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Australian Garden Shelters

Australian Garden Shelters

Architect
BKK Architects
Location
Royal Botanic Gardens, Cranbourne, Australia | View Map
Project Year
2012
Category
Parks/Gardens
John Gollings

Australian Garden Shelters

BKK Architects as Architects

Architects Statement The Australia Gardens Shelters were an opportunity to engage with one of the nation’s most unique landscape projects. This is Australia's only botanical gardens to feature solely Australian native plants. Rather than present a collection of plantings in a ‘museum’ type setting, the landscape is designed, reinterpreted and presented under a conceptual framework that is posed as a transition from the relatively unoccupied interior to the more constructed coastlines. In contrast to most Architectural commissions, the architecture responds directly to the landscape context both conceptually and physically. In fact, the landscape was most completed when the architectural process began. The designs for the structures explore notions of what shelter is and the history of shelter from its most primitive forms to the more contemporary vernacular. 5 shelters were commissioned and three completed this initial phase.


The first is a simple covered seating area that operates as a gateway to the Gondwana area, a rest space and a bus stop for the small people mover that circumnavigates the gardens. A sculptured, weathered core-ten steel shell provides a protective enclosure, lined with timber.


The second shelter is a located within the Gondwana section of the gardens which represents a pre-human Australian setting. The structure appears almost as though it had evolved from nature, out of the landscape. A curved series of tree trunks forms a wall that follows the traces of the landscape design. Whilst a large steel roof, impossibly wafer thin, appears to have settled upon them, much like a piece of leaf-litter. The shelter is used for school groups, weddings and other events.


The third, and largest shelter, is a kiosk, rest facility and children’s education area. This structure is located in the most ‘constructed’ landscape zone which represents a more urban setting with ‘backyards’ and built form. The shelter is a reinterpretation of the Australian vernacular shed, where a corrugated external structure sits independently from the program within. The interiors are layered from the rich timber interior façade that is part interior/part exterior, to the brightly coloured kiosk, to the plywood/stainless steel clad toilets.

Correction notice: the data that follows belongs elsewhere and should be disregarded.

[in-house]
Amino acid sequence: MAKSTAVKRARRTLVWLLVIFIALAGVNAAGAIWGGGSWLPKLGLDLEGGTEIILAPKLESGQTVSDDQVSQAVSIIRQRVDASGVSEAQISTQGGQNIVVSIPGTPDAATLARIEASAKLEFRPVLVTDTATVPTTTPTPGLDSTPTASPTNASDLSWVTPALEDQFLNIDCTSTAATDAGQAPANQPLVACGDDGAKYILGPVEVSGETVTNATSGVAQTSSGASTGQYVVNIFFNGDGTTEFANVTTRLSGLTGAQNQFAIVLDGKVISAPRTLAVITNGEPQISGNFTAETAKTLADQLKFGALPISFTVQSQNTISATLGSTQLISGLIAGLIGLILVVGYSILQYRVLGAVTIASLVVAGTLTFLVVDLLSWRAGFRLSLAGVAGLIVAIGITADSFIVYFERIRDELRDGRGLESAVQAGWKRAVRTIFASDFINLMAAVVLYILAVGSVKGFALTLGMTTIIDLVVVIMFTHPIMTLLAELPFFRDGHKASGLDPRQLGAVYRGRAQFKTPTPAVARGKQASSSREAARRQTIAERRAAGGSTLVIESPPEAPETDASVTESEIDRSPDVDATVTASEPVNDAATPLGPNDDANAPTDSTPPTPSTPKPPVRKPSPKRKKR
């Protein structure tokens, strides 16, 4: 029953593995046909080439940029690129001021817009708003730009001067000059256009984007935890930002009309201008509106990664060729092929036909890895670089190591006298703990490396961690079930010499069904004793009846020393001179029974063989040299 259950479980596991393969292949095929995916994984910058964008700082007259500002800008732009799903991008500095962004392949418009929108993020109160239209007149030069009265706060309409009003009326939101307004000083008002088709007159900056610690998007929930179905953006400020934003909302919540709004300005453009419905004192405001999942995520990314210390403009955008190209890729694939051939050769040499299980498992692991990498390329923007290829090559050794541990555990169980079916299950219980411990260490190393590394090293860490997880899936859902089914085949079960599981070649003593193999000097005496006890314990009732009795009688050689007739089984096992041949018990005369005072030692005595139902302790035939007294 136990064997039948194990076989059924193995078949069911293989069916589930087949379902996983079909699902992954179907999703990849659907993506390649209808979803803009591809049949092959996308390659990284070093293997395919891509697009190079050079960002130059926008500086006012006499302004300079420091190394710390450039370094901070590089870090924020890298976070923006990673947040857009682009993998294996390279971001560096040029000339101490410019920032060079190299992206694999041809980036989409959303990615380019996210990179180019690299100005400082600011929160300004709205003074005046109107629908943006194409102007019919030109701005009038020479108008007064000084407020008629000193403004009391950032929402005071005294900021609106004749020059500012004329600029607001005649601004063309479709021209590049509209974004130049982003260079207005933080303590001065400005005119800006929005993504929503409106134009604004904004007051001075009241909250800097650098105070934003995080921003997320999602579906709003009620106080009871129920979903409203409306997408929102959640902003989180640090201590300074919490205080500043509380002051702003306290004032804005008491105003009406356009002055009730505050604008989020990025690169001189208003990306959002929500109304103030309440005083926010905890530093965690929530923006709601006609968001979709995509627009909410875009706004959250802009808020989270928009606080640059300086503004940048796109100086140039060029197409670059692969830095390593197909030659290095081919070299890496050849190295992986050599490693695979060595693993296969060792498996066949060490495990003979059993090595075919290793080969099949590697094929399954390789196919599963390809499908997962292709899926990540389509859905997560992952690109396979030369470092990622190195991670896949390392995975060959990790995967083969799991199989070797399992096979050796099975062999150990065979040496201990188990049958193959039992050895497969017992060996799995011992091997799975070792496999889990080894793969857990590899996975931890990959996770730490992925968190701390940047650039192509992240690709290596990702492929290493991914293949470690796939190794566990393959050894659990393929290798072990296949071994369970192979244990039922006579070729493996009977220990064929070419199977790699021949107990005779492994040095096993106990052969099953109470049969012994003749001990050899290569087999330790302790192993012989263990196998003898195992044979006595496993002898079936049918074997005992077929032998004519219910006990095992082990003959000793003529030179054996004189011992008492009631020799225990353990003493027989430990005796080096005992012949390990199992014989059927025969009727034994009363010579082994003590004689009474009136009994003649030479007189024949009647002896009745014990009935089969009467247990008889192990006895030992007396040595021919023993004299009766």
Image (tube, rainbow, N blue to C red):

All of the shelters are designed to a high level of detail and meet stringent technical, sustainable and maintenance requirements demanded by the Botanical Gardens. All will receive a high level of public use and are designed to meet the demands of these types of, largely unsupervised, public areas. Although not required by code, the shelters are designed to a BAL29 fire standard.


Sustainable Architecture The Australian Gardens project is an important piece of social infrastructure, well used by the local and wider Victorian communities. It has provided a much needed generator for social and economic transformation in an area of largely, low socio-economic development. These communities will benefit from this resource for decades to come. The structures are mostly open to the environment but still highly insulated to protect from radiant heat. All material selection and detailing was developed for a long design life and to be low maintenance over that life, thereby reducing the life-cycle costs for the gardens. Timber cladding, both internally and externally, was selected for its environmental performance, sourced from managed plantations and radially sawn. The external timber will be left to weather naturally with little or no maintenance. Radial sawn timber was selected for its superior structural integrity in this application. Only Low VOC paints, oils and finishes were employed throughout. Lighting is limited and low energy fittings selected.


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